Navy team members were Cmdr. Timothy White from the Naval Operations Support Center in El Paso, Texas, and Petty Officer 3rd Class Austin Alexander from the Seal Beach Harbor Patrol Unit, California; Petty Officer 3rd Class William Rosencrans, Tokyo, Japan; and Petty Officer 1st Class Mikala Hawkins, Corry Station, Florida.
“These are the top athletes from the Navy, Army and Air Force and we got to see them today,” Wilcox said. “For some of these athletes, this was their fifth battle in different aspects around the country. At the end of the day, the best thing that I’ve seen is all the teamwork. Taking care of each other, rooting each other on and that healthy lifestyle.”
Although at the end of the day, a trophy and bragging rights were on the line, the competition was much more than just competing on a field of battle, the AFIMSC commander said.
“It’s about functional fitness,” Wilcox said. “It’s about taking care of yourself. It’s about resiliency but the other piece is nutrition. If you don’t prepare yourself and eat right as part of this, you will not come out and be successful.”
Stickland was in full agreement.
“(To prepare for this competition) I took every opportunity I could to at least get in the gym a couple of times a week and really push as hard as I could while there, and I think nutrition is a big part of it too,” said Strickland, a student pilot with not much free time to work out because of training and mandatory crew rest and a strict vegan.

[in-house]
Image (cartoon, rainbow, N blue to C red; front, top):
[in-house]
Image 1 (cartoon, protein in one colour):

“The competition was definitely the hardest physical thing I’ve ever done and it feels good to be rewarded,” Strickland added.
It’s that combination of fitness and fuel that perfects the human weapon system our nation needs, Turner said.
“Alpha Warrior is a great opportunity for unit cohesion, to build on functional fitness, to help build that athlete-warrior mentality and allow everyone to see that this is a holistic human performance activity,” Turner said. “It’s how we train, how we prepare, (and) the nutrition that we use to fuel the human weapon system to ensure we’re able to conduct the mission for this great nation.”
As part of its Alpha Warrior program, the Air Force has set up smaller battle rigs and stations at more than 70 installations around the globe.
Palicia, whose brother was the top finisher on the Army team, is passionate about what the rigs and stations can do for Airmen at installations.
“I’ve learned so much about alternate methods to train my entire body in one workout,” he said. “I’ve also learned valuable skills to maneuver and control my body in a dynamic movement. Overall, this Alpha Warrior fitness program has improved my muscular strength, muscular endurance, ability to problem solve in a physical environment and my coordination.”
He said he understands, for many, the equipment may look a little daunting but encourages everyone – Airmen and their family members – to give it a try at their installations.
“Don’t be deterred by the look of the rig,” he said. “There are different levels and certified instructors at fitness centers who can safely coach you to accomplish the rig, and there are many workouts you can do around the rig that don’t take grip strength.”